Canada Will Pay $100 Million to Victims of the Country’s 1940s ‘Gay Purge’

Canada Will Pay $100 Million to Victims of the Country’s 1940s ‘Gay Purge’

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It was sadly common in the mid-20th century for governments to purge their offices of LGBTQ people. However, Canada’s set to put things right. On Nov. 28, Prime Minister Justin Trudeau will apologize for the Canada gay purge. And, thanks to a class-action lawsuit, the government will also pay out over $100 million to those affected.

The details of the payment will still have to be worked out and approved by Canada’s Federal Court. However, it’s believed several thousand victims of the Canada gay purge will receive payment.

The court decision to pay those who were purged was made on Nov. 24. Oddly enough, the timing is coincidental. Trudeau has been set to apologize on Tuesday for the past two weeks.

As part of the apology for the Canada gay purge, the government is contributing $250,000 to community projects fighting homophobia. They’ll also table legislation on Tuesday which will allow the criminal records of people convicted for consensual homosexual acts to be expunged. Canadians will have to apply for expungement, however. Thankfully, families can also file on behalf of deceased people hurt by the gay purge.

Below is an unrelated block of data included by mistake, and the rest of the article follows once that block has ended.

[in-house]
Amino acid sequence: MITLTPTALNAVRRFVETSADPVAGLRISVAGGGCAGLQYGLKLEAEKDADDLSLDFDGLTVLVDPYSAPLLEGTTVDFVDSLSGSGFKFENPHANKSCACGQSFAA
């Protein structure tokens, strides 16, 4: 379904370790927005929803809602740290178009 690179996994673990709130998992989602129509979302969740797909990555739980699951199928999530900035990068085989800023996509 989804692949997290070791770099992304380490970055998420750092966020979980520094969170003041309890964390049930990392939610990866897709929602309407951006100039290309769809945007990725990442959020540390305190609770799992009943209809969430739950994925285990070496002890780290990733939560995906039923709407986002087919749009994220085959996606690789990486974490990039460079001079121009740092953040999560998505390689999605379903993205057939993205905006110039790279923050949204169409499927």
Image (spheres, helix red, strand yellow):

Canada isn’t the only country to apologize for its gay purge this year. In February, the United Kingdom finally pardoned 49,000 gay and bisexual men convicted of homosexuality. It took the U.K. ages, though. In 2013, they pardoned the WWII hero Alan Turing of homosexuality — and that took over a year. At the time Turing’s family urged the U.K. to pardon everyone with a homosexuality conviction, but the government refused.

This June, Germany’s Parliament unanimously voted to pardon the 50,000 men convicted of homosexuality. Germany also granted €3,000, plus an additional €1,500 for each year they spent in prison to the men who are still alive. The same month, New Zealand introduced legislation to pardon some of the people convicted of homosexuality, but refused to pardon those convicted of other crimes.

While gay purges were done in fear of LGBTQ state employees sharing secrets with the Soviet Union, according to Gary Kinsman, a sociology professor at Laurentian University, there is no evidence of any state employees ever turning over information.

“Really what it was about was pushing lesbians and gay men outside the fabric of the nation, defining our sexualities as being somehow a security risk,” Kinsman said. “And on the other side, defining heterosexuality as the national safe and secure sexuality.”


Featured image by Justin Tang/Canadian Press

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